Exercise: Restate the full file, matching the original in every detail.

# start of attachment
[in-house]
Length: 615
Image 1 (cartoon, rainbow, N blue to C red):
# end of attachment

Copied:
[in-house]
Length: 615
Image 1 (cartoon, rainbow, N blue to C red):